Blogging and general online activity has been slow since I am in Brussles nowadays looking for work, but I naturally paused and clicked when this headline from the NYT popped up on my RSS-feed.
This article talked mostly about how Indian expat-professionals found themselves disillusioned and disappointed by working culture back home . It provides interesting and entertaining caricatures of Indian bureaucracy and cultural values:
There are no shortcuts to spending lots of time working in the country, returnees say. “There are so many things that are tricky about doing business in India that it takes years to figure it out,” said Sanjay Kamlani, the co-chief executive of Pangea3, a legal outsourcing firm with offices in New York and Mumbai. Mr. Kamlani was born in Miami, where his parents emigrated from Mumbai, but he has started two businesses with Indian operations.
When Mr. Kamlani started hiring in India, he met with a completely unexpected phenomena: some new recruits would not show up for work on their first day. Then, their mothers would call and say they were sick for days in a row. They never intended to come at all, he realized, but “there’s a cultural desire to avoid confrontation,” he said.
Or this- when the reporter met a senior bureaucrat working with a government funded science research agency:
To prove his point, Mr. Brahmachari, who was two hours late for an interview scheduled by his office, read from a government guide about decision-making in the organization. Mr. Ayyadurai didn’t follow protocol, he said. “As long as your language is positive for the organization I have no problem,” he added.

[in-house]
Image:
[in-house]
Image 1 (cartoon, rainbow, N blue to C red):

As the interview was closing, Mr. Brahmachari questioned why anyone would be interested in the situation, and then said he would complain to a reporter’s bosses in New York if she continued to pursue the story.
Back to the point, besides the entertaining encounters, it seems that even for Indians who were born in the country, but who started their careers abroad, dealing with Indian bureaucracy and certain cultural mindsets can be extremely overwhelming. A friend of mine who returned to India after university to pursue an internship in a development NGO told me that it is almost impossible to elicit basic information from government employees, without a payoff being involved. Salaries are low compared to living costs, and bosses consistently demanded longer hours to be put in for the same pay. Further, aside from the corruption, lack of infrastructure and chaotic work environment, she says, the lack of social options outside work really hits hard (nightlife in India, largely, stops around 11). Add to that parents and relatives constantly harassing her to ‘settle down’, it was all a bit too much to deal.
Or take, for example, the story of one young returnee in this excerpt from Rana Dasguptas excellent essay on Delhi society that appeared in Granta:
Saif Rizvi, a sociable young plastic surgeon who grew up mostly in Saudi Arabia and the United States, is one of many who are affronted by the new arrivals. Prominent Muslims from Lucknow, his family traces its lineage back 500 years, and Saif has a healthy contempt for Delhi’s upstarts: ‘Oh my God, the nouveaux riches. Yeah, I see them everywhere I go, man, you see the way they walk into the clubs, the way they order their drinks. They’re horrible. The only thing those guys have that’s nice is their cars. The nicest cars pull up and the most horrible people get out. Horrible bodies, horrible teeth, horrible voice modulation.’
The problem is bit more serious than horrible voice modulation. As India tries to lure back thousands of highly skilled expats to feed its economic boom, the bureaucracy, lack of infrastructure, corruption and different cultural values remain very real challenges. Admittedly, India offers better employment and career growth possibilities to ‘returnees’ today than it did a generation ago. However, the complaints about managing day-to-day life in India don’t seem to have changed much, and I remember members of the family having quit jobs and emigrated due to high levels of corruption and nepotism.
But this could not all be true. Surely, there are some happy returnees out there. And I’m also sure that immigrants and expats from other countries face similar problems. So speak up; comment away.